Melissa Conrad Stöppler, MD
Melissa Conrad Stöppler, MD, is a U.S. board-certified Anatomic Pathologist with subspecialty training in the fields of Experimental and Molecular Pathology. Dr. Stöppler's educational background includes a BA with Highest Distinction from the University of Virginia and an MD from the University of North Carolina. She completed residency training in Anatomic Pathology at Georgetown University followed by subspecialty fellowship training in molecular diagnostics and experimental pathology.
William C. Shiel Jr., MD, FACP, FACR
Dr. Shiel received a Bachelor of Science degree with honors from the University of Notre Dame. There he was involved in research in radiation biology and received the Huisking Scholarship. After graduating from St. Louis University School of Medicine, he completed his Internal Medicine residency and Rheumatology fellowship at the University of California, Irvine. He is board-certified in Internal Medicine and Rheumatology.
In this Article
- What is hypoglycemia?
- Who is at risk for hypoglycemia?
- I thought high blood sugar was bad. Why is low blood sugar also bad?
- Can the body protect itself from hypoglycemia?
- What are symptoms of hypoglycemia and how low is too low?
- How is hypoglycemia treated?
- Is there anything else that should be done to manage hypoglycemia?
- Find a local Endocrinologist in your town
How is hypoglycemia treated?
The acute management of hypoglycemia involves the rapid delivery of a source of easily absorbed sugar. Regular soft drinks, juice, lifesaver candies, table sugar, and the like are good options. In general, 15 grams of glucose is the dose that is given, followed by an assessment of symptoms and a blood glucose check if possible. If after 10 minutes there is no improvement, another 10-15 grams should be given. This can be repeated up to three times. At that point, the patient should be considered as not responding to the therapy and an ambulance should be called.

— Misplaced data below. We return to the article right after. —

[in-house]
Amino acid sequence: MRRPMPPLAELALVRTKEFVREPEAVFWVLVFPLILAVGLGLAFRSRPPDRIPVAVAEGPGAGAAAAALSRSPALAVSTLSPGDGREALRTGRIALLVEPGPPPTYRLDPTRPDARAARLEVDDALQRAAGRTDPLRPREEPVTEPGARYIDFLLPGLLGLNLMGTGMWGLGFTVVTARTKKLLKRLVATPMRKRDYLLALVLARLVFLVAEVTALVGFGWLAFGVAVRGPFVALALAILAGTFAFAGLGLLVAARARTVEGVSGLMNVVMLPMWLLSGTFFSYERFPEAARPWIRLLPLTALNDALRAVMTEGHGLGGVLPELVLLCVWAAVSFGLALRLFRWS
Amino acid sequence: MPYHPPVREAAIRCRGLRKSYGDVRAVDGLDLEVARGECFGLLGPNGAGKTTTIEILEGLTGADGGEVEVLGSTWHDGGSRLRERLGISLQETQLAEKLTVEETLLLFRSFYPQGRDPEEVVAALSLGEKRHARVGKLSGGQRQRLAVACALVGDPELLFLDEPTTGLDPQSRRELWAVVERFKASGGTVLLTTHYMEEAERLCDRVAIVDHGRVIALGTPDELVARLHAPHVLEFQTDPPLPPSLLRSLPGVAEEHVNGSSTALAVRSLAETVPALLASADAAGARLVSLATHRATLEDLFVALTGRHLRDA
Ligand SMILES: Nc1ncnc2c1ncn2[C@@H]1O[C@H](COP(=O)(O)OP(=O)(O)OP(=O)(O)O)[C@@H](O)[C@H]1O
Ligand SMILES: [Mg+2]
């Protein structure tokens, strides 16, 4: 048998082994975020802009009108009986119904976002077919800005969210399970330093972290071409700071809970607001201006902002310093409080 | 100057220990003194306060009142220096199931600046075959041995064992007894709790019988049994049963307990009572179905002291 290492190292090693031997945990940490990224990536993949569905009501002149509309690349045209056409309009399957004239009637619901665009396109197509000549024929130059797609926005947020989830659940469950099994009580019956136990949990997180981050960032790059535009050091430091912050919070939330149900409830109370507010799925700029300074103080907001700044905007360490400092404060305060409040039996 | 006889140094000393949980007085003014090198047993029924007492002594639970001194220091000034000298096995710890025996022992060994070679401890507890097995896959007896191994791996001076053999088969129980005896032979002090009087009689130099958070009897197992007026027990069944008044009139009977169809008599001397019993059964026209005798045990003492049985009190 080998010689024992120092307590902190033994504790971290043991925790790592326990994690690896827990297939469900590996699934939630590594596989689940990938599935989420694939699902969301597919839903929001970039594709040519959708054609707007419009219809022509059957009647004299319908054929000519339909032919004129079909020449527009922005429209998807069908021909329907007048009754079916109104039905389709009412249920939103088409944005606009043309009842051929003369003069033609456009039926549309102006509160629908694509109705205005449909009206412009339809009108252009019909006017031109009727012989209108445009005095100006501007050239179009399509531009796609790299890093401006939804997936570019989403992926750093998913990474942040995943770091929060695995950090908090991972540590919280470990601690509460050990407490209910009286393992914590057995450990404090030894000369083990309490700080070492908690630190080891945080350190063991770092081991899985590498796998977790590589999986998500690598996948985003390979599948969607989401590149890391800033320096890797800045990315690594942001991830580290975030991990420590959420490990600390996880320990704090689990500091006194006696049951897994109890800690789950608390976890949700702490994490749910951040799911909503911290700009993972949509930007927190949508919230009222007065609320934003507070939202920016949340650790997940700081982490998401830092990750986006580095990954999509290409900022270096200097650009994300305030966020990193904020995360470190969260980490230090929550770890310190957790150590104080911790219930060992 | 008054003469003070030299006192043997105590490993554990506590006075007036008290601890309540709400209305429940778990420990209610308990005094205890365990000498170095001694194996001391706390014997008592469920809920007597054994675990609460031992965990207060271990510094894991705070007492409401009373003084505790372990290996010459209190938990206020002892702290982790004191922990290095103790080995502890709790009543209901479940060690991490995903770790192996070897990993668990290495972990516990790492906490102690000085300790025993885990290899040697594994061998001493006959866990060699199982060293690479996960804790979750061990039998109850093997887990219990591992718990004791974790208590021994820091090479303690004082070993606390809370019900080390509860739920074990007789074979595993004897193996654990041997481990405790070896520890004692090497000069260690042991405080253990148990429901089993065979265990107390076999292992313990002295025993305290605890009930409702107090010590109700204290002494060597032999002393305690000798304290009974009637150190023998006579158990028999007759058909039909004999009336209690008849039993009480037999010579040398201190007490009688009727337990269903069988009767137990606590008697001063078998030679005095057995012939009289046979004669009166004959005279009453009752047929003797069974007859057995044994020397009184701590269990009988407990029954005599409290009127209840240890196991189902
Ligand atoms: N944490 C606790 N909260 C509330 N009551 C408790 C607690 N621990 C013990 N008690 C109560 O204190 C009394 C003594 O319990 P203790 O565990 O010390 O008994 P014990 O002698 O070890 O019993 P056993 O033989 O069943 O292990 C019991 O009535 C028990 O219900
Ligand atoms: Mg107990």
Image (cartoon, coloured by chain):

The equivalency of 10-15 grams of glucose (approximate servings) are:
- Four lifesavers
- 4 teaspoons of sugar
- 1/2 can of regular soda or juice
Many people like the idea of treating hypoglycemia with dietary treats such as cake, cookies, and brownies. However, sugar in the form of complex carbohydrates or sugar combined with fat and protein are much too slowly absorbed to be useful in the acute treatment of hypoglycemia.
Once the acute episode has been treated, a healthy, long-acting carbohydrate to maintain blood sugars in the appropriate range should be consumed. Half a sandwich is a reasonable option.
If the hypoglycemic episode has progressed to the point at which the patient cannot or will not take anything by mouth, more drastic measures will be needed. In many cases, a family member or roommate can be trained in the use of glucagon. Glucagon is a hormone that causes a rapid release of glucose stores from the liver. It is an injection given intramuscularly to an individual who cannot take glucose by mouth. A response is usually seen in minutes and lasts for about 90 minutes. Again, a long-acting source of glucose should thereafter be consumed to maintain blood sugar levels in the safe range. If glucagon is not available and the patient is not able to take anything by mouth, emergency services (for example 911) should be called immediately. An intravenous route of glucose administration should be established as soon as possible.
With a history of recurrent hypoglycemic episodes, the first step in treatment is to assess whether the hypoglycemia is related to medications or insulin treatment. Patients with a consistent pattern of hypoglycemia may benefit from a medication dose adjustment. It is important that people with diabetes who experience hypoglycemia check blood glucose values multiple times a day to help define whether there is a pattern related to meals or medications.
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